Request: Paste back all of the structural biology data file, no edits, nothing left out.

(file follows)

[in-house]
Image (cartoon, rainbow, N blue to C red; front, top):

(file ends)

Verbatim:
[in-house]
Image (cartoon, rainbow, N blue to C red; front, top):